Changing the education landscape 

The YIC team regularly meets with local experts to understand the depth of the challenges and possible solutions. They often find that education and technical skills are important pillars of any potential way forward. We need to channel our efforts towards providing all Yemenis with education and training opportunities, which can help give them the skills they need to improve their circumstances.  

Based on my previous experience working on education programs globally, I learned that early childhood development (including maternal health programs), safe schools (especially gender-responsive spaces), qualified teachers (paying them salaries and offering professional development), and school meals can act as powerful incentives for families to send their children to school and improves their chances of learning. Furthermore, youth need skills that will help them enter and succeed in the workforce. English language, entrepreneurship, and computer skills were among the top skills on the wish lists of some of the youth I spoke to in Jordan, Rwanda, and South Africa. 

Given the fast paced advances in AI and technology, we also need to ensure that the people in Yemen don’t fall behind. Technology has the power to uplift societies. In the case of Yemen, as witnessed during the COVID-19 pandemic, technology helped bring Yemeni women’s voices to the world and help women entrepreneurs access new markets.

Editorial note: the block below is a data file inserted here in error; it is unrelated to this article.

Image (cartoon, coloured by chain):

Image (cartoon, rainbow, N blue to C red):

However, it comes with significant risks. Without awareness, women will continue to be subjected to digital forms of violence in the forms of bullying, harassment, and blackmail. In Yemen, digital forms of violence have become a contributing factor to the increasing rates of suicide among women in Yemen. Educating women on the uses and dangers of technology and giving them the tools to protect themselves is vital. 

Yemen will need an educated and skilled workforce to help with the post-conflict reconstruction and economic recovery efforts. Education statistics can help policymakers know what to prioritize and include in their plans and budgets. According to World Bank Data, the adult literacy rate in Yemen was at 54% in 2004. Although we can imagine that the literacy rate has gotten much worse in recent years, we need more current national surveys to show updated data; this can help ensure the relevance of any proposed solutions and promote their effectiveness. With the right information, international actors, the private sector, local organizations, academia, and all of society in Yemen can play a role in ensuring that education is a priority. 

The views expressed in this article are those of the author and do not express the official position of the Wilson Center.   

About the Author

MEP_Al Hajjri

Nada Al Hajjri

President, Yemen Information Center; Managing Director, Alternative Tracks Consulting